CLARKSBURG -- Allen Lee didn't wear his best clothes to Washington, D.C. in 1963 when he went to hear Dr. Martin Luther King Jr. speak.
He and others helping to organize the March on Washington were advised to wear old clothes and tennis shoes in case they had to run from police or dogs. But the march was peaceful and Lee came home with many good remembrances.
Next Monday, he and others in the community will have a chance to talk about those and other memories during Harrison County's second Martin Luther King Jr. Day.
The day will begin at 6 p.m. at the courthouse with a candlelight service. Participants will then walk down Main Street to Mount Zion Baptist Church, 315. E. B. Saunders Way, where a ceremony will take place, said Lee, president of the local chapter of the National Association for the Advancement of Colored People.
"We had one last year that was very successful even though we had cold weather," he said. "I was surprised. I hope the weather cooperates this year."
In case of bad or extremely cold weather, the march will not take place, he said. Instead, people will meet at the church for the ceremony.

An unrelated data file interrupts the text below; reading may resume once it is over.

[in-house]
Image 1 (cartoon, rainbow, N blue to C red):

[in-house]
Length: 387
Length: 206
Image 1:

"We'll just gather at the church to sing and talk about Martin Luther King," Lee said.
After the church ceremony, hot chocolate and other refreshments will be available.
Last year, about 20 people took part in the march, and between 40 and 50 attended the church gathering, Lee said.
Included in that group was about a dozen young people, Lee said. He would like to see even more young people this year.
"That's why we're doing this so early in the evening, so young people can attend and still get out of bed early the next morning to go to school," he said.
Lee said that King's message is filtering down to today's youth.
"That's one thing that families have to do," Lee said. "If the family doesn't teach (about King) too, what they learn about him in school won't stick with them."
Staff writer Paul Darst can be reached at 626-1404 or by e-mail at firstname.lastname@example.org.